When the time is right, many people hope to move into a retirement life that is fulfilling and exciting. Some people search for relaxation away from the working world, while others have a list of things they have never done and cannot wait to get started on. Some retirees also continue working in some capacity, but perhaps in a different field or role than they have pursued in the past.
However, whatever direction you decide to go in, there are a few essential elements of a happy retirement. Here are three necessities for a satisfying retirement:
Enough money to last for the rest of your life. An obviously important piece of the retirement puzzle is accumulating enough money to quit your job by saving, investing, and perhaps a little luck. You need to have enough in your bank account to pay regular bills and to pursue other retirement goals including travel, home improvements, and hobbies. It’s also a good idea to have a financial safety cushion for emergencies.
If you haven’t saved enough to support your retirement needs and wants, you may need to maintain a job in retired life. But a retirement job doesn’t need to be an unpleasant experience. Sometimes you can choose a second career you are passionate about and really enjoy.
Of course, for some people, having to continue to report to a job is not worth the extra income. The trade-off between acquiring more money and living a better quality of life starting now should be carefully considered. How much is X dollars more worth to you when compared to the time and effort required to achieve it? Is the incremental amount worth your time and the wear and tear on your mind and body? Instead of delaying retirement, sometimes retirees downsize their lifestyle to fit into the amount they have saved for retirement.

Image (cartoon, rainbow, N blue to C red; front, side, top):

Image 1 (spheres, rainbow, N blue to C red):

A list of exciting activities to keep busy. Simply having all the money you will ever need is not enough for a fulfilling retirement. Staying active in retirement is essential for mental and physical health. Too many retirees slow down to the point where they are just existing, rather than pursuing what they are passionate about. It is not necessarily important to have a long list of activities that interest you, but it is important to identify a few things that excite you and give you a reason to get out of bed in the morning.
It’s best to identify a few retirement activities before you retire. One way to help occupy your days is to look for interests that require both short-term and long-term commitments. Short-term projects keep you busy today and into the immediate future. Longer-term projects, like learning a new language or playing a musical instrument, may take years or may never be completed. Cultivating a combination of these two types of activities can help you keep your retirement dance card full.
A healthy mind and body. It will be difficult to enjoy retirement if your health is failing. It’s inevitable that aging will take a toll on our bodies, but we do not have to be passive about it. Staying active physically and mentally is more important in retirement than at any other time. Prior to retirement, the demands of work and raising a family keep us engaged and active. In retirement, it is up to us to replace those activities with our own.
Regular and consistent exercise is a major contributor to overall health. It is important to find an exercise or routine that you like (or at least do not hate) so you can keep at it. Join a spa, find a partner, or hire a personal trainer—whatever it takes to keep you going. Also remember to engage your mind by pursuing creative activities including puzzles, card games, writing, painting, playing music, or telling stories. Keeping active will help you to feel alive.
Dave Bernard is not yet retired but has begun his due diligence to plan for a fulfilling retirement. With a focus on the non-financial aspects of retiring, he shares his discoveries and insights on his blog Retirement–Only the Beginning.